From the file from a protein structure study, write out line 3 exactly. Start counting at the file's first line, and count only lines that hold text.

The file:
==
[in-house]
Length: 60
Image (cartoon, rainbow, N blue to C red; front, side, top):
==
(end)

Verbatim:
Image (cartoon, rainbow, N blue to C red; front, side, top):